Gallup: Hiring was slow during partial government shutdown

This year has shown significant growth with a stronger housing market and the national unemployment rate remains around 7 percent. Despite these positive figures, a survey from Gallup showed that public and private sector organizations felt less confident hiring employees during the government shutdown.

Just weeks prior to the shutdown, the Gallup U.S. Job Creation Index calculated the difference between the number of people who reported that their employer was hiring and the number whose organization was letting workers go.

The figures for both public and private employers were positive and in double digits, +11 for government workers and +22 for the latter. The source added that about 35 percent of respondents said that their employers had plans to hire in October, in comparison to the 17 percent that planned to reduce the size of their staff.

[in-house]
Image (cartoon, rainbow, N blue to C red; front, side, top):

However, disputes over the federal budget temporarily put expansion plans on hold at many organizations.

"The shutdown clearly affected Americans' confidence in the economy, and made them less optimistic about their own standard of living," Gallup researchers wrote.

During the 16-day partial shutdown, the hiring index was reduced by more than half for government workers, but this could have been due to the fact that thousands of workers were furloughed. Many departments were working with the bare minimum amount of staff members, which could have delayed the use of HR software solutions to find new employees.

The last time the source reported seeing a weaker weekly average was in March, after the sequester took effect.

Now that the shutdown is over, companies that had plans to fill vacant positions  can use HR software solutions to end the fourth quarter on a strong note.